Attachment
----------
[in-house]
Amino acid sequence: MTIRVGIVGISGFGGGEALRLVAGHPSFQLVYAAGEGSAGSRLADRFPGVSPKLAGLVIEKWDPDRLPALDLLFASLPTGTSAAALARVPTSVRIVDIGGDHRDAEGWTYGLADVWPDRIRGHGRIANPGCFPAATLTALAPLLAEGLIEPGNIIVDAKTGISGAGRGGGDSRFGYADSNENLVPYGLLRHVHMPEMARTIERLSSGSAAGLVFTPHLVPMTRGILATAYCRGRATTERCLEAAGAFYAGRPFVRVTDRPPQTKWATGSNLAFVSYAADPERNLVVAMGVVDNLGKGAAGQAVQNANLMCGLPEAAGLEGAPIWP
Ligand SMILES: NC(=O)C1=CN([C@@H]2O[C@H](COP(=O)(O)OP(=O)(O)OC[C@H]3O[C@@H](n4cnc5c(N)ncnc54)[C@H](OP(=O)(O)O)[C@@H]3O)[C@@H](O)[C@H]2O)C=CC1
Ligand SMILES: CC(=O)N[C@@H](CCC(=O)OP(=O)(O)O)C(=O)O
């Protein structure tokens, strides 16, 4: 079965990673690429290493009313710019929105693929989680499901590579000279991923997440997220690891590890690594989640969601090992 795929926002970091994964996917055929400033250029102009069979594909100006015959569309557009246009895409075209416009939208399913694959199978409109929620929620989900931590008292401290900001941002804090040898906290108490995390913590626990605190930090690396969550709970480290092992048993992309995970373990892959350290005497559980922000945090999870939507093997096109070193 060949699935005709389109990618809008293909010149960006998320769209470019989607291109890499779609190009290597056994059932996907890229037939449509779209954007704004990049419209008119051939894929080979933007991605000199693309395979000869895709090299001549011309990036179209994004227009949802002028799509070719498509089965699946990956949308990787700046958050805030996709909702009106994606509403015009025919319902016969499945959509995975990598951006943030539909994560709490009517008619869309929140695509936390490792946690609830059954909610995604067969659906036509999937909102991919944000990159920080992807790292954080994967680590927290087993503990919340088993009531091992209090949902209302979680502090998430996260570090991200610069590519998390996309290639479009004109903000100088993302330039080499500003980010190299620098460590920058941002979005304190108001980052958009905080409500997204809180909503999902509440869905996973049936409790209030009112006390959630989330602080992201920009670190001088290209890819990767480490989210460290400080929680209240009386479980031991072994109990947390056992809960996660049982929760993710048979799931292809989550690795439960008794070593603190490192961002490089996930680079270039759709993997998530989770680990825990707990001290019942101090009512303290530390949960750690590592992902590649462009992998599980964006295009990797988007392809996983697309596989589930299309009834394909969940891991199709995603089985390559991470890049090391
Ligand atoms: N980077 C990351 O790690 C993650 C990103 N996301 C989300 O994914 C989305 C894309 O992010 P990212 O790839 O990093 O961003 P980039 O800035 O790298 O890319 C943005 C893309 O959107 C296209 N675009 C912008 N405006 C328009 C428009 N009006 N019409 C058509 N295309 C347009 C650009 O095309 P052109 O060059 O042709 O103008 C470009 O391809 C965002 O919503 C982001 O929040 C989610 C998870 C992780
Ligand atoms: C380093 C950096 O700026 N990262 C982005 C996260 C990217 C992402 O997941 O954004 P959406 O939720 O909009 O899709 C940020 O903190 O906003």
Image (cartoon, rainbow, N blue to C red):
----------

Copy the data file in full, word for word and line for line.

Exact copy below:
[in-house]
Amino acid sequence: MTIRVGIVGISGFGGGEALRLVAGHPSFQLVYAAGEGSAGSRLADRFPGVSPKLAGLVIEKWDPDRLPALDLLFASLPTGTSAAALARVPTSVRIVDIGGDHRDAEGWTYGLADVWPDRIRGHGRIANPGCFPAATLTALAPLLAEGLIEPGNIIVDAKTGISGAGRGGGDSRFGYADSNENLVPYGLLRHVHMPEMARTIERLSSGSAAGLVFTPHLVPMTRGILATAYCRGRATTERCLEAAGAFYAGRPFVRVTDRPPQTKWATGSNLAFVSYAADPERNLVVAMGVVDNLGKGAAGQAVQNANLMCGLPEAAGLEGAPIWP
Ligand SMILES: NC(=O)C1=CN([C@@H]2O[C@H](COP(=O)(O)OP(=O)(O)OC[C@H]3O[C@@H](n4cnc5c(N)ncnc54)[C@H](OP(=O)(O)O)[C@@H]3O)[C@@H](O)[C@H]2O)C=CC1
Ligand SMILES: CC(=O)N[C@@H](CCC(=O)OP(=O)(O)O)C(=O)O
């Protein structure tokens, strides 16, 4: 079965990673690429290493009313710019929105693929989680499901590579000279991923997440997220690891590890690594989640969601090992 795929926002970091994964996917055929400033250029102009069979594909100006015959569309557009246009895409075209416009939208399913694959199978409109929620929620989900931590008292401290900001941002804090040898906290108490995390913590626990605190930090690396969550709970480290092992048993992309995970373990892959350290005497559980922000945090999870939507093997096109070193 060949699935005709389109990618809008293909010149960006998320769209470019989607291109890499779609190009290597056994059932996907890229037939449509779209954007704004990049419209008119051939894929080979933007991605000199693309395979000869895709090299001549011309990036179209994004227009949802002028799509070719498509089965699946990956949308990787700046958050805030996709909702009106994606509403015009025919319902016969499945959509995975990598951006943030539909994560709490009517008619869309929140695509936390490792946690609830059954909610995604067969659906036509999937909102991919944000990159920080992807790292954080994967680590927290087993503990919340088993009531091992209090949902209302979680502090998430996260570090991200610069590519998390996309290639479009004109903000100088993302330039080499500003980010190299620098460590920058941002979005304190108001980052958009905080409500997204809180909503999902509440869905996973049936409790209030009112006390959630989330602080992201920009670190001088290209890819990767480490989210460290400080929680209240009386479980031991072994109990947390056992809960996660049982929760993710048979799931292809989550690795439960008794070593603190490192961002490089996930680079270039759709993997998530989770680990825990707990001290019942101090009512303290530390949960750690590592992902590649462009992998599980964006295009990797988007392809996983697309596989589930299309009834394909969940891991199709995603089985390559991470890049090391
Ligand atoms: N980077 C990351 O790690 C993650 C990103 N996301 C989300 O994914 C989305 C894309 O992010 P990212 O790839 O990093 O961003 P980039 O800035 O790298 O890319 C943005 C893309 O959107 C296209 N675009 C912008 N405006 C328009 C428009 N009006 N019409 C058509 N295309 C347009 C650009 O095309 P052109 O060059 O042709 O103008 C470009 O391809 C965002 O919503 C982001 O929040 C989610 C998870 C992780
Ligand atoms: C380093 C950096 O700026 N990262 C982005 C996260 C990217 C992402 O997941 O954004 P959406 O939720 O909009 O899709 C940020 O903190 O906003």
Image (cartoon, rainbow, N blue to C red):